PFF Panel 3
Seedly PFF 2019
Asked by Anonymous
Asked on 02 Mar 2019
Just want to mention that perhaps you may also want to adopt a more macro-view and look at which stage of the business cycle the economy is at. Some stocks tend to perform relative to others at various stages of the business cycle.
For example: you may want to consider buying stocks belonging to the cyclical industries, where they have above-average sensitivity to the state of the economy. Examples include: consumer durables and capital goods when there is an expansion in the business cycle.
Conversely, you may want to consider buying stocks belonging to defensive industries, where they have little sensitivity to the business cycle and are not as heavily as affected as those stocks belonging to the cyclical industries during times of contraction/recession/downturn. Examples include: consumer staples, pharmaceuticals and public utilities.
These are some of the things that i will use to see whether to buy a stock.
1) It is important to know what exactly the company does, how they generate revenue etc, essentially knowing the company's business model.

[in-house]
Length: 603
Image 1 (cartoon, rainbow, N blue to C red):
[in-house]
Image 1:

2) It is also important to know the P/E ratio.
3) I would also usually look at the dividends of the company, i would choose to invest in stocks with a high dividend.
4) I would also look at the company's financial statement to get a better idea of the company's current financial health so as to establish whether im confident enough to park my money in the company.
Hope this helps!
I take a more quantitative approach towards investing and the very first thing to do is to find an edge in the markets. For example, I don't use ROE or ROIC metrics because studies have shown that the performance becomes worse.
And i stick to proven Factors like P/B ratio to determine Value stocks.
#1: Do you understand what the business model is, and how they make money? What kind of people are running the business, and can they be trusted? Do they allocate capital efficiently?
#2: Have you validated this against their financial statements? What is their financial standing? Look at metrics like current ratio (their ability to pay their short term debt obligations), operating cashflow (are they making or losing money?), etc. Different industries = different metrics, which is why you must first understand #1
#3: What are their current valuations? Are they overpriced or undervalued? Some useful metrics could be price-to-earnings ratio, price-to-book ratio, net-net valuation (which Alvin taught during the festival), discounted cashflow, etc. There are a number of valuation strategies to look at.
Hi there! Here is an investment checklist I use before buying a stock!